- Symphony No. 2 in E minor, Op. 27
- Vocalise, transcription for orchestra, Op. 34/14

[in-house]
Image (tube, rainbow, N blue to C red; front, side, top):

Rachmaninov's "First Symphony," for any number of reasons, received one of the most venomous, disdainful premieres in music history. Everything from the score itself to unprepared musicians to a supposedly drunken conductor (Glazunov) has been blamed for its icy reception. No matter the cause, the result was a devastated composer who was not to return to the form for more than a decade, and only then after the assistance of a hypnotherapist. The "Second Symphony," heard here on this Naxos disc, was a complete rebirth for Rachmaninov and was received with great acclaim. Its American premiere was conducted by Modeste Altschuler, the great uncle of conductor Leonard Slatkin. How appropriate it is, then, that the Detroit Symphony Orchestra should celebrate its own new beginnings with Slatkin, who was principal conductor during the 2008-2009 season. The revitalized sound Slatkin draws from the DSO is simply superb, reaffirming its position as one of the country's preeminent orchestras. The strings produce a rich, velvety texture with powerful, penetrating violins all the way down to marvelously articulated, robust basses. The rest of the orchestra sounds just as good, in particular the vigorous brass section. Slatkin's interpretation of this great symphony is sweeping in its scope while obviously paying meticulous attention to every detail and nuance written in the score. From the breathtakingly romantic third movement to the fiery, agitated Scherzo, the DSO and Slatkin offer listeners a first-rate recording and a deeply satisfying musical experience.